Almost a week ahead of schedule, the Scarborough Civic centre was one of the first H1N1 vaccination clinics to open its doors on Oct. 26.
People began lining up as early as 4:30 a.m. in hopes of being one of the first to get their H1N1 vaccines.
“Because of the recent deaths, we moved up the clinics for priority groups only, that’s why they were opened ahead of the scheduled dates,” says Rishma Govani, media relations spokesperson fr the city.
Children, the elderly, and people with health concerns were encouraged to get their shots before the general public, but no one was turned away.
“It was a little bit touch and go, just because we have an honour system,” says Govani in regards to people who aren’t part of the high-risk groups showing up at the clinics. “Health officials were trying to get priority groups and we were really trying to encourage them into coming first. Since Saturday we’ve gotten really strict about it.”
Govani says the large numbers of people lining up was not expected by Toronto Health officials.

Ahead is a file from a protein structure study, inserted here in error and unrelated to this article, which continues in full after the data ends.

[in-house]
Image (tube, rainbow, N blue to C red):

“This was unprecedented. The panic either from the heightened media awareness or the death of a Toronto teenager really brought people out.”
Clinic staff has been trying to manage the lineups and the average wait time has been decreased to about an hour and a half, Govani says.
“A lot of the chaos and confusion has been reduced. We’re having additional staff, additional resources and working with the media to make sure that we have the correct messages and that people really understand who the priority groups are and whether or not they qualify,” she says.
Jhada Alwin got her H1N1 vaccine on the first day the Scarborough Civic Centre opened its clinic and she was back four days later for her son to get one as well.
“I am worried. I saw the news, many people have been dying, especially that 13- year-old boy, and it scared me a lot,” Alwin says.
The vaccination clinics officially opened to the general public on Nov. 2. For a full list of all clinics in the GTA clinics, visit toronto.ca.